GUARANTEE: As with all my artifacts, this piece is guaranteed to be original, as described.
Fabulous 1st 1/2 19th C. Freemason's Grand Lodge in New Hampshire Badge
ARTIFACT: Fabulous first half 19th century Freemason's Grand Lodge in New Hampshire badge. The Grand Lodge in New Hampshire was formed by five freemasons in 1789 after the American War of Independence in the William Pitt Tavern (formerly known as the Earl of Halifax). After the war, Portsmouth was in a state of disrepair and New Hampshire decided to move the government capitol to Exeter, meanwhile New England's economy suffered as trade with England ended. The Grand Lodge of New Hampshire and St. John's Lodge, both continued to hold meetings in the William Pitt Tavern (located in Portsmouth) until 1792. John Stavers, the owner of the William Pitt Tavern died and his daughter's took over running the tavern for a bit. In 1965, Strawbery Banke Museum began preserving Portsmouth's historical district and the William Pitt Tavern was a top priority, The Grand Lodge of New Hampshire still supports that Tavern today. The wonderfully, sunburst-like shaped badge is nicely detailed and features a red enameled shield with a silver chevron in the center and a gilt compass atop- above are two silver castles, with a third below. An outer ring is jeweler engraved and reads: "THE GRAND LODGE IN NEW HAMPSHIRE 1789" in black enamel detail. The reverse has three ways of wearing the badge, a loop for attachment to a chain, a horizontal pin, and a tension hook, perhaps for wear on a suit pocket.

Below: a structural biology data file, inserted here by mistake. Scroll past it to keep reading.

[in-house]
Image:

VINTAGE: Circa 1800's Ė 1850's
SIZE: Approximately 1-3/4" in diameter
MATERIALS / CONSTRUCTION: Enameled brass, gilt brass, plated silver
ATTACHMENT: Loop for attachment to chain/rope, Horizontal 'T' style pin with 'C' style catch, and a tension hook
ITEM NOTES: This is from a fraternal club, society, and organization collection which we will be listing more of over the next few months. MBEX16 LABGEX3/16
CONDITION: 7+ (Very Fine+): The badge shows moderate wear, some of the plating details and much of the enamel remains intact, overall handsome patina.